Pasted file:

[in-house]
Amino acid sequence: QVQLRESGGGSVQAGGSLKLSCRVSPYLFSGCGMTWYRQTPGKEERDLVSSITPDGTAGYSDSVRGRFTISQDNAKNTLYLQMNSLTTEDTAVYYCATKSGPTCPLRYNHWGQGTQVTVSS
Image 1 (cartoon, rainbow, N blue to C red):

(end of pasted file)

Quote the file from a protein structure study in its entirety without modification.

[in-house]
Amino acid sequence: QVQLRESGGGSVQAGGSLKLSCRVSPYLFSGCGMTWYRQTPGKEERDLVSSITPDGTAGYSDSVRGRFTISQDNAKNTLYLQMNSLTTEDTAVYYCATKSGPTCPLRYNHWGQGTQVTVSS
Image 1 (cartoon, rainbow, N blue to C red):